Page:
Today I stumbled upon this blog post, trying to justify why software prices are so overinflated these days. The author does make some valid points, I disagree with the general notion expressed in the post. While making software is not easy or straightforward, it does not justify some of the prices listed out there.
The prices of proprietary software are not really tied to the actual cost of development and testing but to:
- Brand Name – just like with any other product, recognized brand names charge more.
- Amount of Competition – software market is very unique when compared to other markets, because it allows near-monopolies to thrive. This is the only market where a very expensive product can be more popular than the free alternatives produced by competition because of compatibility concerns, and sheet market saturation
- Customer Expectations – pricing is usually based on the perceived amount of money the customer is willing to pay for that type of a product.
The last point is especially striking. How come Microsoft sells their Office Suite for $400 while most game developers price their products at around $60. Does that mean that an original dynamic 3D game with advanced AI, complex physics and many hours of voice acting is actually less expensive to build from scratch than the newest iteration of MS office?
I’d say the game is more complex to make – or at least as complex as the office suite in terms of programming involved. But, the number of people involved in making a modern game is greater than for a product such as office. Microsoft does not need concept artists, graphical designers, voice actors, voice acting directors, voice acting crew and studio, script and dialog writers and etc. Modern game development usually have this whole extra layer that adds to the cost of development in a real, tangible way.
But, no one is going to buy a game for $400. Of course if you are playing a MMO game you may eventually end up paying more than that in subscription fees – but note that part of the subscription money pays for server upkeep and bandwidth. Games are designed as commodity products – you play them for few days, or few months until you beat them, unlock all the secret features, and get so good at multiplayer that you can pwn n00bz in your sleep. Then you get sick of it, and move on to the next game.
Office on the other hand is a product you are supposed to use for a long time. You buy it once, and then you just keep on using it every day, until the new version comes out and you get to pay $400 for it again. This is how they justify the price tag – it’s not how much it costs to develop the product. They base the price on how you plan to use it.
This is why in some products we have per-seat licensing, and other crazy schemes like that. The truth that all software makers know all to well, and try to hide from the customers is that software does not obey market laws of supply and demand. Supply does not deplete as the demand grows. Making more copies of software does not get more expensive, proportionally to the demand curve. Once you have a software product, your supply is almost limitless, bounded only by costs of distribution (ie. bandwidth, cost of making burning, and boxing CD’s and etc).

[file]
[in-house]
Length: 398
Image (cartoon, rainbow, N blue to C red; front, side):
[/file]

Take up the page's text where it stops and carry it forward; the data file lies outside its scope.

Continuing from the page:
To offset this, software makers need to worry about maintenance. Most other industries simply release a product, offer you a short term warranty, and then forget about it. But when you release a software product you are expected to maintain it, fix bugs, plug security holes, and add features for the entire lifetime of the product. But, no one ever said you need to provide this service for free. Microsoft does it for the most part, and perhaps this is part of the justification for the inflated prices. Other software makers can sell you support plans, or simply provide software “as is” without making any promises for future support. So while long term maintenance is costly, no one forces you to provide it to your customers.
As a matter of fact, software can be made for free. You don’t need raw resources, manufacturing plants, manual labor, facilities and etc. All you need to start selling software is a computer, a compiler, an internet connection and lots of time. You will say that time is not free – and of course you are right. But many developers will gladly work for free, and contribute to a project that interests them – just because this work is so god damned rewarding. In what other industry can you find people who are not only willing, but also excited to work for free on their weekends to fix bugs and add features to your project?
So the cost of development may not be zero, but a function of time “donated” by individual developers. Still, in the end the software gets made with no upfront capital, and no tangible expenses that can be traced back to the project. So how much does it cost to develop software? The correct answer is: it depends.
It depends on what type of software you are making, how much are users willing to pay for it, how much money you are willing to put into the project and how much profit you want to make on each copy.
You can develop software collaborating with other people online for exactly $0, and distribute it for free. Or, you can pipe thousands into R&D, hire developers, and build a company (or an empire) around your project and sell it anywhere from $20 to $1000 (or more) a per copy. Its completely relative.
So why do Windows and Office so much? Because, my dear friend, you are willing to pay that price. Because Microsoft is a brand name, with a de-facto monopoly in the OS and Office markets. And of course, most importantly because if they would charge more their sales would drop and piracy would rise, as their product would become to expensive for some people to afford.
And that is the truth.
[tags]software, software development, software development costs, microsoft, software prices, software supply and demand, software economics, software industry[/tags]